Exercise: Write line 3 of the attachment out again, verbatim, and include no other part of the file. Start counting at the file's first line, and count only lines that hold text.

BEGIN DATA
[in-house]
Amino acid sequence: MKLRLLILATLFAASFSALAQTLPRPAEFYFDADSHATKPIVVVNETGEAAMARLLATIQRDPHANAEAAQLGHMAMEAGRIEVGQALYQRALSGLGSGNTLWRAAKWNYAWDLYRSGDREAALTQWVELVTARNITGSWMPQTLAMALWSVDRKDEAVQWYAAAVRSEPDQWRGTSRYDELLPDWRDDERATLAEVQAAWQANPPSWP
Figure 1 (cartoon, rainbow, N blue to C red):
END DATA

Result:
Figure 1 (cartoon, rainbow, N blue to C red):